An inquiry into low-cost housing for low income groups in the United States

Date

1949

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Abstract

The material for this study concerns housing for the low income groups of the American population, and solutions to the problem of adequate shelter for families on the bottom of the economic scale as proposed by both public and private organizations. This problem, which has long been a factor in the American economic picture, has become particularly acute in the post-World War II era. This study approaches the problem historically, taking it up at the close of the first World War, and showing in separate sections how the public, through the agency of the Federal Government, end private enterprise, including large institutional builders and industry associations, have attacked and are attacking the housing problem of the low income family. The method used is that of a comparative study of the history, progress and future plans of the Federal Housing Administration end its predecessors with the history, progress and future plana of the private building industry, utilizing source materials from both groups. Standard works on the subject of low-cost housing were also used as supplementary references. Closely intertwined with the problem of adequate shelter for the low income groups is the question of slum clearance, which has been presented as a corollary of the mein study, although the two questions could also profitably be studied separately. The evidence studied tends to the tentative conclusion that cooperation between the Federal public housing program end private enterprise operating through urban re-development programs of the type pioneered in the states of New York and Illinois, would yield the best results in the future. There is no incompatibility in the plans of sincere advocates of better housing for the low income groups which cannot be largely removed by unprejudiced consideration of the problem. The extension of research in housing, by both the Federal Government and private industry, to the end of lowering costs of building and raising the quality of materials and the productivity of labor, will also prove profitable.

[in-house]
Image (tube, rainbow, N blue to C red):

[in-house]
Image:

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Keywords

Low-income housing, United States

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